Oren: Yeah, get in there. [Wes Laughs]

Chris: [sarcastically] Oh no, they’re having inner turmoil. Well, I guess you have to go inside their mind to help them sort it out.

It’s a little contrived, but it always creates a very fun environment that can have creepy things in it. And then usually they’re wandering around hostile terrain as there’s some other creepy thing that represents whatever is afflicting the character after them. And then they have to find the person. Then they have a social conflict because before they can leave, they have to talk to the person and convince them to come out of their shell or, you know, do the pep talk or whatever they need to do; meanwhile, there’s some kind of monster in there with them.

I’ve always found those to be very fun.

Oren: Hey, you can just literalize the character’s internal struggle. Makes it makes it much easier to demonstrate in story.

Chris: Another good one is traps in like a labyrinth. You can do some really creative things with that.

Wes: Have a bunch of singing goblins. It’s perfect. [all chuckle at reference]

Oren: One thing to keep in mind when we’re talking about a lot of high stakes but nonviolent conflicts are high tension but nonviolent conflicts. These are going to have the same effect as a gunfight would in terms of building tension that you then have to continue increasing. Just because they’re not violent doesn’t mean that you can have the beginning of your story be about this really exciting escape sequence, where the protagonists and her husband have to get away from the impact from a meteor impact area that’s super dangerous. [all chuckle] They’re constantly on the verge of death but the rest of the story is like a slow burn political drama. That will cause some problems if you do that.

And if your book is The Calculating Stars, which I dearly love, but it will cause some problems when you have that kind of switch. Even though the first one wasn’t actually violent, it was still extremely high tension with like really immediate stakes. People could die as opposed to the rest of the book, which is, “will I get to get on the ship that goes to the moon?”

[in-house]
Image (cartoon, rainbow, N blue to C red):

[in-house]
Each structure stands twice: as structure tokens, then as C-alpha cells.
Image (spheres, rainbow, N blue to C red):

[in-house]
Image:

Chris: Yeah, this is why it’s important to understand the relationship between conflict and tension, right?  Conflict is basically a tool for bringing tension out, for increasing the immediacy of the problem and creating kind of a riveting situation where every moment matters as to whether or not the problem is going to be solved.The actual problem itself and the, whether it matters, that’s going to be solved with immediacy is a question of tension. And again, people have a tendency to sub in action and think that action is what’s exciting and that’s not going to work.

Wes: I think something that you could do, even if you have a story that does include violence if you’re not shying away from it though, is at critical moments or even at the climax, choosing nonviolence is a good way to twist or put a spin on an otherwise violent story. In order for that to work, there needs to be a good reason why, f your protagonists had been violent prior, they decided to not be violent in the climax. A good example of this to my mind is the confrontation with Prince Humperdinck at the end, when Westley is in his bedroom and drops in, gets to say the “drop your sword line,” basically just shattering what willpower he had that was remaining and preying on his cowardice. [The Princess Bride] He’s just actually a coward and confronting him with that was done very well and very believably. Even given the opportunity to just quickly kill him when Inigo makes that offer hesays, “no, this will be worse for him because this is everything that he knows to be true about himself” is a good example of how you could deal with like that big, bad. As much as the kid that the grandpa’s reading to in the story–and a lot of us, you know–maybe wanted him to get run through… like it fits. It’s a fitting resolution to that story with him.

Chris: So knowing that Wesley is ill, has been poisoned or whatever was done to him, his life was sucked out and that he can’t actually fight and he’s bluffing also gives that scene a lot of tension.

Wes: Yes, a lot. 

Chris: Right, because he’s making it a social conflict, but we know that at any point the prince could just decide to fight him and that’s going to result in him dying because he’s not actually strong enough to fight. So that’s also like a good example of, yeah, it could have been as a fight scene but there’s a reason why it can be high tension without fighting. It works really well.